By Emily Drooby
With the help of music, prayer and soup, members of the Haitian community celebrated their independence day, Jan. 1, at St. Jerome Church in East Flatbush.
Father Saint Charles Borno, who coordinates ministry to Haitians and Haitian-Americans in the Brooklyn Diocese, explained, “It is important for the people because it’s a way to show their nationalistic way of expressing Haiti as part of our lives even if we are living in other places, but we still love the country and we want to share that moment with other Haitians and anybody else who can come.”
The annual Independence Day Mass, which is held at a different location every year, celebrates an uprising in Haiti that helped the country to gain independence from France 215 years ago.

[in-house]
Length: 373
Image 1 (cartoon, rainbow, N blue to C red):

Bishop Nicholas DiMarzio celebrated the Mass, and retired Auxiliary Bishop Guy Sansaricq, who was born in Haiti, was among the concelebrants. Many Haitian-born Catholics were in attendance. The homily was delivered by Deacon Jean Rameau of Holy Family parish, Canarsie.
The Mass was celebrated in French Creole and French, and the standing-room-only congregation sang the “Te Deum” in Latin.
“At the end of the Mass they [the Haitian people] sing the ‘Te Deum’ which is very beautiful in Latin, which they know by heart, so they have a lot of deep religious tradition in Haiti that they bring with them to our diocese,” Bishop DiMarzio said.
Following Mass, congregants shared soup joumou, a savory pumpkin soup that symbolized the time when slaves were required to make this special dish for their masters, but not allowed to eat it themselves. It wasn’t until slaves gained their freedom that eating the soup was allowed.
“The first thing that the slaves did now that they are free, they want to enjoy that same food that the masters would not allow them to have,” Father Borno said.
More than 200 years later, Haitians continue to consume pumpkin soup on Haiti’s Independence Day as a way to recognize and celebrate their freedom.